Low vision is considered significant vision impairment that usually results from serious eye disease or an injury. The vision loss, which is characterized by either reduced visual acuity (to 20/70 or worse) or reduced field of view, can’t be fully corrected with glasses, contact lenses, medication or surgery.
Low vision can affect both children and older individuals, but is more common in the elderly, who are at greater risk of eye diseases such as glaucoma, macular degeneration and cataracts, which are some of the most common causes of the condition.
Among the leading causes of low vision are heredity, eye injury or brain injury, or eye diseases such as glaucoma, macular degeneration, cataracts, diabetic retinopathy, or retinitis pigmentosa. Depending on the severity and type of vision impairment, the patient may have some useful vision. Typically the impairment includes a significant reduction in visual acuity to worse than 20/70, hazy, blurred vision, blind spots or significant visual field loss and tunnel vision. Sometimes the extent of vision loss is considered to be legal blindness (20/200 or less visual acuity in the better eye) or almost total blindness.
With significant vision loss it can become challenging to complete common daily tasks including reading, writing, cooking and housework, watching television, driving or even recognizing people.
When low vision is diagnosed it can come as a shock. Initially, it is an adjustment to learn how to function with impaired vision but the good news is there are numerous resources and products available to assist. Because low vision often results in one’s inability to work, function independently, drive and resume normal life, many patients feel isolated and depressed.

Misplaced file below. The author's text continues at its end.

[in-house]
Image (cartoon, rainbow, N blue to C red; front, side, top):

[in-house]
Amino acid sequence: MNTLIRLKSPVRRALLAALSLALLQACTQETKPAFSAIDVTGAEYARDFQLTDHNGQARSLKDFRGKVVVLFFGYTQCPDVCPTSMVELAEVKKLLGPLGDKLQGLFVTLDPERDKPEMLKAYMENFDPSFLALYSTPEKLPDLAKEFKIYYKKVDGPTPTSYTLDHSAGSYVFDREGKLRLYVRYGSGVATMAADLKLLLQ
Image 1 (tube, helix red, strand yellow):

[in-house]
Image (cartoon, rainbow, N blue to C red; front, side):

Low vision means that a minimal amount of sight remains intact. There are millions of people who suffer from the condition and manage to function with the remaining vision available to them through the use of visual rehabilitation or visual aids.
These are devices that help people with low vision function by maximizing their remaining eyesight. This often involves the use of magnifiers (handheld, mounted or stand-alone), telescopes and other tools to enlarge the images of objects to make them more visible. Some visual aids reduce glare and enhance contrast which makes it easier to see. Other low vision aids act as guides to help the person focus on non-visual cues, such as sound or feel. Finding the right visual aid is a matter of consulting with a professional and experimenting with what works for you and your daily needs.
If you or a loved one has low vision, don’t despair. Consult with our eye doctor about the best course of action to take to simplify life with low vision.